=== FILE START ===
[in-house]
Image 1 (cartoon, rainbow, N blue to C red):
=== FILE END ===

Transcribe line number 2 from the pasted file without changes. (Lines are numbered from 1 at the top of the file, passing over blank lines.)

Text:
Image 1 (cartoon, rainbow, N blue to C red):